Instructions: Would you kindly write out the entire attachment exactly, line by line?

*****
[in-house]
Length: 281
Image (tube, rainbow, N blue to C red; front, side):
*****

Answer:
[in-house]
Length: 281
Image (tube, rainbow, N blue to C red; front, side):